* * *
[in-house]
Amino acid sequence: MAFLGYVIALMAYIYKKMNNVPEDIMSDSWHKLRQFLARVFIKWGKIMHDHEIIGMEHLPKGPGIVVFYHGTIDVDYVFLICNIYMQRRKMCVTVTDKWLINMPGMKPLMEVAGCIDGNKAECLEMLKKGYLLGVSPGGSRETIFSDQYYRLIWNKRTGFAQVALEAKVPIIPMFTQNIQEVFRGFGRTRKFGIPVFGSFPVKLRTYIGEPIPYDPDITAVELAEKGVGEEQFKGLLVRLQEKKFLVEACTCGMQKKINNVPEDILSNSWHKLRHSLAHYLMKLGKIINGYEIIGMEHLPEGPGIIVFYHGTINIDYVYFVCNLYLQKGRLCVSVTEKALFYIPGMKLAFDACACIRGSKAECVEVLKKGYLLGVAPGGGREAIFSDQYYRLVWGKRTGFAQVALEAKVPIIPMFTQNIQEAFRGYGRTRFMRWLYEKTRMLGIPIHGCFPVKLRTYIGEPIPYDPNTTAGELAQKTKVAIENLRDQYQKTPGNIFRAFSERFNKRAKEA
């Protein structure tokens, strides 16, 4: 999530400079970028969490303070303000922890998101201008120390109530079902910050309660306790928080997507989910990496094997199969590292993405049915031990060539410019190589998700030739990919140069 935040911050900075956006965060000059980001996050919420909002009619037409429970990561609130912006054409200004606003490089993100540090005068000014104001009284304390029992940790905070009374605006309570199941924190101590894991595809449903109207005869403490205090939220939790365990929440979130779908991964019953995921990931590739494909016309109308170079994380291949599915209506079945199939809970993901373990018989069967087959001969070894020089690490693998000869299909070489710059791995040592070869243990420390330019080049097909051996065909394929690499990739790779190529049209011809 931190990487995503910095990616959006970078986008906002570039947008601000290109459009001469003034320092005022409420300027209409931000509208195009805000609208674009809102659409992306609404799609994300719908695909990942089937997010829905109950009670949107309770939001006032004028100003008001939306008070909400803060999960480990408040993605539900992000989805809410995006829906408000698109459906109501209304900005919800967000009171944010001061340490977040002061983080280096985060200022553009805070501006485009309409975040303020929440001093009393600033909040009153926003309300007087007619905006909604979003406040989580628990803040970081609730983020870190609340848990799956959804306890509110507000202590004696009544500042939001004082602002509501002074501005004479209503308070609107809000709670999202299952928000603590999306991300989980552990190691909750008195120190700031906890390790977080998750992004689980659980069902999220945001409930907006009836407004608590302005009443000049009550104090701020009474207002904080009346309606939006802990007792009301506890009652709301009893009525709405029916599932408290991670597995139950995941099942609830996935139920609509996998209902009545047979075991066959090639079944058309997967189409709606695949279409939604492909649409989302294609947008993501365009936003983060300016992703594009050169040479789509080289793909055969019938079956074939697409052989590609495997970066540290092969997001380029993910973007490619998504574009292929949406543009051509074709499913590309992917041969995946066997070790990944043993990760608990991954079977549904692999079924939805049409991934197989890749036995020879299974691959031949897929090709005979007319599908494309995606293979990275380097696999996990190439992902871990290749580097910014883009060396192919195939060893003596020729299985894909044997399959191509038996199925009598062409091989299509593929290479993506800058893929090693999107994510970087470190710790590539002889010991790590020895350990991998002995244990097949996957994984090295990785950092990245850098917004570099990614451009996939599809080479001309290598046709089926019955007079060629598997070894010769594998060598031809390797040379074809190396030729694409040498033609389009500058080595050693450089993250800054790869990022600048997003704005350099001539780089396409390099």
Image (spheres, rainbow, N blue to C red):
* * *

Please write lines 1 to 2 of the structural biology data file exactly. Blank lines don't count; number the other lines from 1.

[in-house]
Amino acid sequence: MAFLGYVIALMAYIYKKMNNVPEDIMSDSWHKLRQFLARVFIKWGKIMHDHEIIGMEHLPKGPGIVVFYHGTIDVDYVFLICNIYMQRRKMCVTVTDKWLINMPGMKPLMEVAGCIDGNKAECLEMLKKGYLLGVSPGGSRETIFSDQYYRLIWNKRTGFAQVALEAKVPIIPMFTQNIQEVFRGFGRTRKFGIPVFGSFPVKLRTYIGEPIPYDPDITAVELAEKGVGEEQFKGLLVRLQEKKFLVEACTCGMQKKINNVPEDILSNSWHKLRHSLAHYLMKLGKIINGYEIIGMEHLPEGPGIIVFYHGTINIDYVYFVCNLYLQKGRLCVSVTEKALFYIPGMKLAFDACACIRGSKAECVEVLKKGYLLGVAPGGGREAIFSDQYYRLVWGKRTGFAQVALEAKVPIIPMFTQNIQEAFRGYGRTRFMRWLYEKTRMLGIPIHGCFPVKLRTYIGEPIPYDPNTTAGELAQKTKVAIENLRDQYQKTPGNIFRAFSERFNKRAKEA